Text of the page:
Attraction of ambrosia and bark beetles to coast live oaks infected by Phytophthora ramorum
1 Sudden oak death is caused by the apparently introduced oomycete, Phytophthora ramorum. We investigated the role of bark and ambrosia beetles in disease progression in coast live oaks Quercus agrifolia.
2 In two Marin County, California sites, 80 trees were inoculated in July 2002 with P. ramorum and 40 were wounded without inoculation. Half of the trees in each group were sprayed with the insecticide permethrin [cyclopropanecarboxylic acid, 3-(2,2-dichloroethenyl)-2,2-dimethyl-(3-phenoxyphenyl) methyl ester] to prevent ambrosia and bark beetle attacks, and then were sprayed twice per year thereafter. After each treatment, sticky traps were placed on only the permethrin-treated trees. Beetles were collected periodically in 2003.
3 Inoculated trees accounted for 95% of all beetles trapped. The ambrosia beetles Monarthrum scutellare and Xyleborinus saxeseni and the western oak bark beetle Pseudopityophthorus pubipennis were the most abundant of the seven species trapped.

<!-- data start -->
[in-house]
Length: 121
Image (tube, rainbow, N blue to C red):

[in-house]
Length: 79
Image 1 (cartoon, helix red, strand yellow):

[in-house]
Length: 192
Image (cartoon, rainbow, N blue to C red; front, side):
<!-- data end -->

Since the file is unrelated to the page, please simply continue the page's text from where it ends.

4 Permethrin treatment delayed initiation of beetle attacks and significantly reduced the mean number of attacks per tree. Beetles did not attack any wounded or noncankered inoculated trees.
5 Trees with larger cankers trapped more beetles early in the disease. Once permethrin lost effectiveness, the number of beetle entrance tunnels was a more reliable predictor of subsequent trap catch than was canker size.
6 Beetles were initially attracted to P. ramorum cankers in response to kairomones generated in the host-pathogen interaction. After beetles attacked the permethrin-treated trees, aggregation pheromones most probably were the principal factor in beetle colonization behaviour.
Document Type: Research Article
Affiliations: 1: Department of Environmental Science, Policy, and Management, 137 Mulford Hall, University of California, Berkeley, CA 94720, U.S.A. 2: University of California Cooperative Extension, 1682 Novato Boulevard, Novato, CA 94947, U.S.A. 3: School of Forest Resources and Environmental Science, Michigan Technological University, 1400 Townsend Drive, Houghton, MI 49931-1295, U.S.A. 4: Division of Agriculture and Natural Resources, 1111 Franklin Street, University of California, Oakland, CA 94612, U.S.A.
Publication date: 2008-11-01